Prickly Heat

Multiple small, raised, itchy spots that appear on the skin in hot conditions

  • Most common in infants and children
  • Being overweight and being in a hot, humid climate are risk factors
  • Gender and genetics are not significant factors

Prickly heat is an intensely itchy rash that most commonly occurs in hot weather. It develops when sweat glands are blocked by bacteria and dead skin cells. Sweat trapped in the glands then causes mild inflammation. The rash consists of tiny, red, itchy spots or blisters accompanied by a prickling or burning feeling. The most common sites are the hands, feet, armpits, and chest. Prickly heat is more likely to affect overweight people because they tend to become overheated and sweat easily. Infants and children are more likely than adults to have the condition, in which case the rash develops in the nappy area or on the face, chest, or back.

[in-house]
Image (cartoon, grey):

The rash often disappears on its own in a few days. You can help this process by wearing loose clothing made from natural fibres and, in babies, by leaving nappies off as much as possible. If the rash persists, your doctor may suggest using a mild topical corticosteroid, but this should not be used on the face. Consult a doctor before using a topical corticosteroid on a baby and always follow the doctor’s instructions.

From the 2010 revision of the Complete Home Medical Guide © Dorling Kindersley Limited.

The subjects, conditions and treatments covered in this encyclopaedia are for information only and may not be covered by your insurance product should you make a claim.

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